Maryland Workers' Compensation

Have you been injured at work?

If you have been injured at work, you may be eligible for workers' compensation benefits. You must protect yourself by timely filing a claim with the Maryland Workers' Compensation Commission. Filing a claim ensures that you will be provided with a variety of benefits, including medical treatment, lost wages and compensation for your injuries.

What do you do if you have been injured on the job?

The first and arguably most important step to take once you have been injured on the job is to report the injury to your employer. Reporting the injury as soon as possible eliminates many of the defenses the insurance company can raise in an attempt to deny your claim. However, even if you have been injured and have not reported the injury to your employer in a timely manner, you may still be eligible for benefits.

What types of injuries are covered by Maryland Workers' Compensation?

Anyone who suffers an accidental injury related to work may file a claim. Injuries can range from sprains or contusions to more serious injuries such as torn ligaments and broken bones. There is no classification or minimum requirement of what type of injury may be compensable under workers' compensation.

Claims may also be filed for injuries or diseases that develop over time as a result of one's employment. For example, police officers and firefighters who develop hypertension or heart disease may be eligible for workers' compensation benefits due to the stressful nature of their jobs. Similarly, office employees who develop carpal tunnel syndrome from typing over a long period of time may also be eligible for workers' compensation benefits.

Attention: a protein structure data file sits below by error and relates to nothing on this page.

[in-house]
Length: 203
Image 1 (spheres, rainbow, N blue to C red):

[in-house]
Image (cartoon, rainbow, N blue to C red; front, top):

Why file a workers' compensation claim?

There are several workers' compensation benefits available to an injured worker:

Temporary Total Disability (TTD) — payment of lost wages while off work (up to two-thirds of your salary)

If you are unable to work as a result of a work-related injury, you are most likely eligible for TTD. While on TTD, the insurance company will pay you two-thirds of your salary for however long you are temporarily disabled. Many municipalities have separate agreements where employees are entitled to their full salary while disabled (known as accident leave).

Payment of medical treatment, including prescription medications for life

The employer's workers' compensation insurance company is responsible for paying all medical bills relating to your injury. This includes but is not limited to doctor visits, x-rays, MRIs, physical therapy, surgeries and medications. You are not personally responsible for the payment of any medical treatment.

Vocational Rehabilitation — job placement, re-training or additional education should the employee not be able to return to the job